Pharmacological Evidence for a Motivational Role of κ-Opioid Systems in Ethanol Dependence

  title={Pharmacological Evidence for a Motivational Role of $\kappa$-Opioid Systems in Ethanol Dependence},
  author={Brendan M Walker and George F. Koob},
  • B. WalkerG. Koob
  • Published 1 February 2008
  • Medicine, Biology
  • Neuropsychopharmacology
The purpose of this study was to test the hypothesis that activation of the dynorphin/kappa (κ)-opioid system has a role in the increased consumption of ethanol in dependent animals. The effects of three opioid receptor antagonists with different effects on opioid receptors, naltrexone, nalmefene, and nor-binaltorphimine (nor-BNI), were compared in their ability to decrease ethanol self-administration in nondependent and ethanol-dependent male Wistar rats. Nalmefene and naltrexone are both… 

nor-BNI Antagonism of Kappa Opioid Agonist-Induced Reinstatement of Ethanol-Seeking Behavior

Results suggest that activation of KORs is a key mechanism in the regulation of ethanol-seeking behavior, but U50,488-induced reinstatement may not be fully selective for K ORs.

Involvement of dynorphin and kappa opioid receptor in yohimbine‐induced reinstatement of heroin seeking in rats

The present experiments suggest that the stress responsive ppDyn/KOP-r system is a critical component of the neural circuitry underlying the effect of yohimbine stress on heroin seeking behavior and HPA activity.

Species differences in the effects of the κ-opioid receptor antagonist zyklophin.

The κ-opioid receptor antagonist JDTic decreases ethanol intake in alcohol-preferring AA rats

It is suggested that κ-opioid receptor antagonists may be a valuable adjunct in the pharmacotherapy of ethanol use disorders and that accumbal λ-opIOid receptors participate in the modulation of the reinforcing effects of ethanol.

Blockade of ethanol reward by the kappa opioid receptor agonist U50,488H.




Kappa-opioid receptors and relapse-like drinking in long-term ethanol-experienced rats

Stimulation of κ-opioid receptors can increase ethanol intake, at least in long-term ethanol-experienced rats, and the nor-BNI experiments indicate that endogenous λ-OPioid receptor stimulation does not seem to be involved in relapse-like drinking after protracted abstinence.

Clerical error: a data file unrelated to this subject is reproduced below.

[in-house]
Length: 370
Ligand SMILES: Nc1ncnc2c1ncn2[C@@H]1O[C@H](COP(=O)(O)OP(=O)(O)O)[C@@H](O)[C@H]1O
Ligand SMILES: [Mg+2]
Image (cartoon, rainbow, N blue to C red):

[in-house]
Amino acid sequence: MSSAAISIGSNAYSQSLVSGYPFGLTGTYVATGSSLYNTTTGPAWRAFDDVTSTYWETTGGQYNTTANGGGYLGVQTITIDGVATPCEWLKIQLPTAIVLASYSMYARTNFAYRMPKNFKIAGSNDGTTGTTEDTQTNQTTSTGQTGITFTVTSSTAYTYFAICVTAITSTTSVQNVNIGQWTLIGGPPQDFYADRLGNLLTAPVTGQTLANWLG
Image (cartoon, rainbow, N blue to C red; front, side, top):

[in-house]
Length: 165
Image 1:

Central Opioid Receptors Differentially Regulate the Nalmefene-Induced Suppression of Ethanol- and Saccharin-Reinforced Behaviors in Alcohol-Preferring (P) Rats

Evidence is provided that nalmefene suppresses EtOH-motivated behaviors via blockade of opioid receptors within the NACC and VTA, and under various dose conditions both reinforcer and neuroanatomical specificity can be observed.

Animal models of motivation for drinking in rodents with a focus on opioid receptor neuropharmacology.

  • G. KoobA. Roberts F. Weiss
  • Biology
    Recent developments in alcoholism : an official publication of the American Medical Society on Alcoholism, the Research Society on Alcoholism, and the National Council on Alcoholism
  • 2003
The apparently critical role of the mu receptor in ethanol reinforcement refocuses the neuropharmacology of ethanol reinforcement in the opioid peptide domain and opens a novel avenue for exploring medications for treating alcoholism.

Antidepressant-Like Effects of κ-Opioid Receptor Antagonists in the Forced Swim Test in Rats

Findings are consistent with the hypothesis that CREB-mediated induction of dynorphin in the NAc “triggers” immobility behavior in the FST and raise the possibility that κ-antagonists may have efficacy as antidepressants, but lack stimulant or reward-related effects.

Antidepressant-like effects of kappa-opioid receptor antagonists in the forced swim test in rats.

Findings are consistent with the hypothesis that CREB-mediated induction of dynorphin in the NAc "triggers" immobility behavior in the FST and raise the possibility that kappa-antagonists may have efficacy as antidepressants, but lack stimulant or reward-related effects.

Kappa-opioid receptor-mediated antinociception in the rat. II. Supraspinal in addition to spinal sites of action.

Analysis of antinociception induced by kappa- and mu-opioids was unaffected by systemic quaternary naltrexone revealing that it is mediated in the central nervous system, and suggests sites of action in brain in addition to spinal cord for both mu- and kappa -opioid receptor agonists.

κ Opioid Receptor Antagonism and Prodynorphin Gene Disruption Block Stress-Induced Behavioral Responses

The findings suggest that chronic swim stress may activate the κ opioid system to produce analgesia, immobility, and potentiation of the acute rewarding properties of cocaine in C57Bl/6 mice.

Involvement of μ-opioid receptors in alcohol drinking by alcohol-preferring AA rats

  • P. Hyytiä
  • Medicine, Biology
    Pharmacology Biochemistry and Behavior
  • 1993